Since the conflict escalated on October 7, the health ministry in Gaza – controlled by the Palestinian militants Hamas – has been issuing regular estimates on the growing death toll in the besieged territory.
The UN previously suggested death tolls from the ministry are usually accurate within four percentage points, according to Vox.
However, this operation stopped earlier in November, meaning there is currently no updated information on the extent of tragedy coming from the Gaza Strip.
The officials revealed on Tuesday that they cannot continue counting casualties because the health system in the territory is collapsing, and it’s too difficult to retrieve bodies from the war zone.
Israeli bulldozers and tanks prevent medics from retrieving those who have died out in the open across Gaza.
Phone and internet services have also dropped at some points amid the air strikes, making it harder to track and report the numbers for employees on the ground.
Many hospitals in the north of Gaza have also been shut down, so the health ministry cannot ascertain death certificates from each establishment to build up a death toll.
The health ministry left its HQ in Shifa hospital last week too, after Israeli forces began to raid it.
Ministry spokesperson Ashraf al-Qidra told Associated Press: “Unfortunately, the Ministry of Health has not yet been able to issue its statistics because there is a breakdown in communication between hospitals and disruption to the internet.”
The electronic database which combs through data from hospitals “is no longer able to count the names and tally the statistics”.
The spokesperson said the ministry is still trying to restart the programme since it shut down after November 10.
Health ministry official, Mehdat Abbas, also told AP: “No one has correct numbers, that’s not possible anymore.
“People are thrown in the streets. They’re under rubble. Who can count the bodies and release the death toll in a press conference?”
What is the last death toll?
The health ministry’s most recent death toll estimate of 11,078 was provided on November 10.
This number is still used by the UN’s humanitarian office as the last verified death toll from the war.
The Gaza health ministry said doctors’ estimates, airstrikes in built-up areas, and reports from grieving relatives lead them to think the death toll has shot up in the last week.
The Palestinian Authority – which runs the occupied West Bank and is a rival of Hamas – issued a very similar death toll to the Gaza officials for the first five weeks of the conflict.
But, even as Gaza officials announced that they can no longer count, the West Bank ministry continued to release estimates. The most recent suggested 13,300 people had died since war began, according to AP.
The UN says it cannot verify these numbers. Gaza officials are also not clear how the West Bank ministry was calculating its estimates.
The ministry then inexplicably stopped releasing its own stats on Tuesday.
Al-Qidra said the West Bank stats had been “personal statistics” and not linked to Gaza officials, while Abbas claimed: “If someone is sitting in an air-conditioned office, he can say whatever he wants. But if you come to the field here, no one can work between tanks to count how many people are killed.”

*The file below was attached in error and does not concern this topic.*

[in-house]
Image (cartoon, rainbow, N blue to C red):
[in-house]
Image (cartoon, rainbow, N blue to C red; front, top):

What has Israel said about Gaza’s estimated death toll?
Speaking to host Nick Robinson, Levy said: “Those are the numbers being produced by Hamas, the same terror organisation that on October 7 burned, beheaded, abducted babies and then lied about it. OK, so that is not a credible source.
“So if you are asking me what are the exact casualty numbers, Nick, I can’t tell you exactly how many Israelis were murdered in the October 7 massacre because we still have body bags of unidentifiable human remains.
“We are still counting the damage and working out the exact death toll.”
Earlier this month, Israel revised down the number of people believed to have been killed in the Hamas massacre of October 7.
Initially, it stated the militants had killed 1,400. Now, it believes around 1,200 have been killed.
Levy added: “We know that Hamas is exaggerating the numbers, you know that too. We also know that we’ve killed thousands of terrorists – a very large proportion of the total death toll.”
Gaza has not differentiated between the civilians killed and the potential Hamas militants.
Levy also had a similar argument with Today programme host Mishal Husain on Monday.
It’s worth noting US president Joe Biden also caused by outrage by querying the fatality numbers from the Gaza officials on October 25. He said: “I have no notion that the Palestinians are telling the truth about how many people are killed.”
Why is the death toll so important?
It is always incredibly difficult to obtain a clear, rolling death toll during active war zones.
But, they are key political tolls which help influence public opinion – and can therefore have a serious consequence for the countries on the frontline.
“Public opinion in Berlin, London, Paris, and Washington matters a lot in terms of what political leaders will do,” Lawrence Gostin, of the O’Neill Institute for National and Global Health Law at Georgetown Law, told Vox.
He said it therefore can influence how much aid and support a country receives from allies.
On a practical level, it also helps guide where (and how much) humanitarian aid is needed in a war zone.
Shawan Jabarin, director of the Palestinian human rights group al-Haq, told AP clear data on the number of deaths was key for “history” and “accountability” and to teach the next generation what happened next.
“It’s important for transitional justice, for peace,” he said.